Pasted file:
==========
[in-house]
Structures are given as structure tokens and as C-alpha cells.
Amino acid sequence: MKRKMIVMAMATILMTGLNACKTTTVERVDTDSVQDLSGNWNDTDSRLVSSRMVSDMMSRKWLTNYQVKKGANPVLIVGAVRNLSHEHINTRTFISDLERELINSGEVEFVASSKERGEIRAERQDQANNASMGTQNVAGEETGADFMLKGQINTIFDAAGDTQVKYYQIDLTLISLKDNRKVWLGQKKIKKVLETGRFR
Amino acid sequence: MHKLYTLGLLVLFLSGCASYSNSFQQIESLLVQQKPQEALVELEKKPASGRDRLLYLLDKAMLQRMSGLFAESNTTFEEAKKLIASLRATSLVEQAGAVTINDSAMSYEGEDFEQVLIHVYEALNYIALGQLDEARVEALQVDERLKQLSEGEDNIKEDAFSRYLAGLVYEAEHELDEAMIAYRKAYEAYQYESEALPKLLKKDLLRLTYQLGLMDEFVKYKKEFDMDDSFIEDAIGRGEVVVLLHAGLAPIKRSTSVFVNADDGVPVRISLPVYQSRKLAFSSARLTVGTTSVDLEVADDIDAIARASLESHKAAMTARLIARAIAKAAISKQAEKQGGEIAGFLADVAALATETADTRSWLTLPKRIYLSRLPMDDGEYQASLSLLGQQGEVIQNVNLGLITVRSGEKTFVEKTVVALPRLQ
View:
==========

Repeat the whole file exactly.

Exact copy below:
[in-house]
Structures are given as structure tokens and as C-alpha cells.
Amino acid sequence: MKRKMIVMAMATILMTGLNACKTTTVERVDTDSVQDLSGNWNDTDSRLVSSRMVSDMMSRKWLTNYQVKKGANPVLIVGAVRNLSHEHINTRTFISDLERELINSGEVEFVASSKERGEIRAERQDQANNASMGTQNVAGEETGADFMLKGQINTIFDAAGDTQVKYYQIDLTLISLKDNRKVWLGQKKIKKVLETGRFR
Amino acid sequence: MHKLYTLGLLVLFLSGCASYSNSFQQIESLLVQQKPQEALVELEKKPASGRDRLLYLLDKAMLQRMSGLFAESNTTFEEAKKLIASLRATSLVEQAGAVTINDSAMSYEGEDFEQVLIHVYEALNYIALGQLDEARVEALQVDERLKQLSEGEDNIKEDAFSRYLAGLVYEAEHELDEAMIAYRKAYEAYQYESEALPKLLKKDLLRLTYQLGLMDEFVKYKKEFDMDDSFIEDAIGRGEVVVLLHAGLAPIKRSTSVFVNADDGVPVRISLPVYQSRKLAFSSARLTVGTTSVDLEVADDIDAIARASLESHKAAMTARLIARAIAKAAISKQAEKQGGEIAGFLADVAALATETADTRSWLTLPKRIYLSRLPMDDGEYQASLSLLGQQGEVIQNVNLGLITVRSGEKTFVEKTVVALPRLQ
View: